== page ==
Who are your inspirations?
“Oh, too many to list. James Hetfield, Bruce Dickinson, Ozzy [Osbourne], [Ronnie James] Dio… and in the modern era there’s Jonathan Davis, Chino Moreno, Maynard James Keenan.”
How would you describe your childhood?
“Tumultuous. It was kind of a mess.”
Did you recognise it as such at the time?
“Oh yeah, although it was no more unusual than anyone else’s, to be perfectly honest, because everybody has their own shit. In many ways, it was typical. There were aspects of teenage rebellion. My family were religious, orthodox Jews, and as much as I respect the heritage tremendously, human beings are equipped with a gag reflex for a reason, and sometimes when stuff gets stuffed down your throat it doesn’t go down so easily.”
What was it that you wanted?
“I simply had the desire to live a more ‘normal’ life as a child and as an adolescent, rather than having to deal with the regimented structure of, and strict adherence to, religion.”
You were kicked out of the Wisconsin Institute For Torah Study for throwing a student out of a second-floor window and blowing up the rabbi’s van. Sounds like you were one troublesome dude…
“Those stories have been well publicised, so I won’t go back into them, but those would definitely be good examples of my aforementioned teenage rebellion. The irony with all this, of course, is that I was angry but it’s not that I wanted to do anything so crazy. I wanted to fraternise with members of the opposite sex, I wanted to go to movies, watch television, and do things that normal teenagers do. But in a parochial boarding school, those things weren’t allowed, and my frustration sometimes came out in disruptive ways.”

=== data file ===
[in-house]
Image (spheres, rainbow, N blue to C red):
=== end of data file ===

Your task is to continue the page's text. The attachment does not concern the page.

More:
Do any traces of that rebellious nature remain in you today?
“There are still aspects of rebellion in my persona, for sure. They’re not directed in the same places, but there are many different aspects of modern society that I can’t swallow.”
“People’s addiction to, and dependency on, social media would be a good example.”
Is that why you quit Twitter a few years ago?
“There’s just no decency. It’s a bunch of high school kids insulting each other, having a contest about who can come up with the most grandiose insult. It’s childish. People are dying to be triggered about something. All you have to do is express your opinion on anything and someone’s going to fight you about it. As a band, it’s not like we’re using our social media to be influencers, so why bother?”
Especially as you have your actual voice to do so – one which you reportedly inherited from your great-grandfather, a cantor in Jerusalem. But what traits did you get from your parents?
“They both had a tremendous work ethic, determination and perseverance to strive in the face of adversity, which are definitely things that relate to me too. My parents are good parents – they did a pretty decent job with me (laughs).”